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grapeng1
18:29:44 Wed
Aug 19 2009

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siphon hose question for G-1 highbanker

Hey Guys,
This is my first post on this forum, which I have been reading for the past year and enjoyed immensely.

Iíve been following the post on the G-1 highbanker and was trying to figure out a way to supply water to it without using a motorized pump because where I wish to run it, they donít allow motorized equipment. I was looking at the concept of a siphon hose hooked up to the G-1 with a 2Ē dia hose connected and place upstream some distance and have a bypass valve at the highbanker. Any thoughts would be appreciated.

  
AceHand
22:37:31 Wed
Aug 19 2009

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Re: siphon hose question for G-1 highbanker

Hi Grapeng1,
I have the same problem of no motorized equip. as you and have considered the same solution, but haven't tried it yet. I'm wondering what state or area you plan on working.
I've read discussion of gravity flow highbanking and dredging on here before. Rather than siphon, perhaps keep the hose in the creek until it is lower than the intake, to create a little pressure, and then come out. The pressure is proportional to the height of the column of water. These guys can tell you the height you will need for a 2" hose on a G-1, hopefully. The length of hose needed will depend on the creek gradient.
If the area is non-motorized, then highbanking is sure to be a no-no. Keeping the G-1 in the creek would be the same as sluicing, but perhaps not in the eyes of the authorities. Equipment that runs silently, no motor noise, would be a plus, anyway.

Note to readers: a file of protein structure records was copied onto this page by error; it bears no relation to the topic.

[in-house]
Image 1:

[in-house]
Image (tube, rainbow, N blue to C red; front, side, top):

Lay flat hose would be preferrable for weight and packing space. I would start out with rigid hose, plastic pipe, or a combination of such until some head pressure is built up to inflate or expand the lay flat. You won't get full volume unless it's rounded. Some rigid hose at the bend up to the G-1 will ensure full volume and no kinks on the other end.
Good topic. I'm anxious to hear more comments.
Good Luck,
Tom

  
overtheedge
07:13:21 Thu
Aug 20 2009

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Re: siphon hose question for G-1 highbanker

Might I suggest using 4" minimum. You need volume. I've used 1Ĺ" and found it needs many feet of drop to get any volume to speak of. You can get 4" poop tube (corrugated poly) at any large hardware store for less than $1 or so a foot. It comes in 10' sections and 100' lengths.

Priming is a bit of a hassle, but just plug the bottom end and then fill till its full. Until it is filled and primed, it wants to float away.

  
LipCa
15:14:24 Thu
Aug 20 2009

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Re: siphon hose question for G-1 highbanker

Unless you have a waterfall, I'd forget about pressure.
You get 43 pounds of pressure for every 100 feet of elevation(minus friction loss).
You probably need volume, not pressure anyway, like overtheedge said.

  
overtheedge
04:07:08 Fri
Aug 21 2009

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Re: siphon hose question for G-1 highbanker

Forgot to mention that the smaller hose has lots of friction loss and this is what makes lotsa head a real requirement. You gotta have enough fall to overcome the friction loss and then what presure you need.. The loss is the same per 100' (standard measurement unit) no matter what the head is.

Another thing to consider is that collapsible hose needs a restrictor at the bottom end. Else it will just collapse. Remember that for the upper end, the water pressure (weight) is the same on the inside as the outside. On full hose with a restriction on the bottom end, the pressure at the upper end is the same inside and outside but the water is basically non-compressible. The restriction holds just enough back pressure so intake volume matches outflow.

Haven't tried yet, but you might do a web search. Key phrase "gravity sock". We had them in the system when I fought forest fires.

  

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